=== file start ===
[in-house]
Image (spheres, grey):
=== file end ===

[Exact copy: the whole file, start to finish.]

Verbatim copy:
[in-house]
Image (spheres, grey):